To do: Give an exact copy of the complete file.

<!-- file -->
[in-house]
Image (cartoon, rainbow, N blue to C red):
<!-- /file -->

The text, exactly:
[in-house]
Image (cartoon, rainbow, N blue to C red):